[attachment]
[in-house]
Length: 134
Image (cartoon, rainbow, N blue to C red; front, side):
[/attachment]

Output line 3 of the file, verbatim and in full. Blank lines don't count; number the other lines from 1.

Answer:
Image (cartoon, rainbow, N blue to C red; front, side):